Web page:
Currently I am ONLY available by telephone or online via Zoom. Instructions for Zoom are available on my website under "Book now."
I counsel individuals and couples on a variety of concerns, and my specialty is trauma, especially sexual abuse and sexual assault. My research on the subject has been published in major psychology journals, most recently an invited article in the prestigious journal Self & Society.
I started helping people deal with life problems as a hospital chaplain intern in 2006. After serving as Jewish chaplain at the University of Calgary, I became the interfaith Resident Chaplain for the Emergency, Intensive Care, and Burn Units at Calgary Foothills Hospital. During this time, I recognized my ability to connect with patients and families at the most difficult times of their lives, and I decided to pursue a career in counselling.
After receiving my master's degree in Counselling Psychology in 2013, I worked as a Registered Clinical Counsellor in BC before moving to Ontario, where I am a Registered Psychotherapist.
I have a person-centred approach, trying to understand your situation as if it were my own. I want you to feel truly heard. I also use the techniques of cognitive-behavioural therapy to address painful thoughts and feelings. Underneath them are toxic messages you are often unaware of, like "I'm such a failure," or "I'm unlovable," or "it's hopeless." We'll use the techniques of cognitive-behavioural therapy to challenge and overcome them. I won’t pressure you to revisit past trauma: The aim of trauma therapy is to stop you revisiting the past!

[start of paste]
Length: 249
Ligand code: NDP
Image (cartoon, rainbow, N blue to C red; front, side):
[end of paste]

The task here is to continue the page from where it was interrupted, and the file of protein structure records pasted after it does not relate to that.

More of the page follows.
I teach the techniques of mindfulness if you've been struggling with addiction, PTSD, or repeated bouts of depression. It's a proven tool that can cut your chance of relapse in half.
At every step, I'll do my utmost to make you feel safe and supported.
In working with couples, I use an emotionally-focused approach. I don't care who's "right" and who's "wrong." I care about the fact that you're both hurting. I can help you see that your own hurt causes you to lash out or retreat, that you love your partner even when you're arguing (or are silent), that acknowledging this hurt and this love gives you a new way to relate, and that seeing each other's hurt and love leads you from blaming to understanding to caring. This is especially true if there has been an affair.
Choosing a therapist is one of the most important decisions you will make. Please phone or email me if you have questions.
(Photo courtesy: Norm Wolf, Chinook Photography)
Russell Stagg ReachesLondon ON